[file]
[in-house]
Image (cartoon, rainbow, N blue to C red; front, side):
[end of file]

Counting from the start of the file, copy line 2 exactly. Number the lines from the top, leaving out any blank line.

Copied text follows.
Image (cartoon, rainbow, N blue to C red; front, side):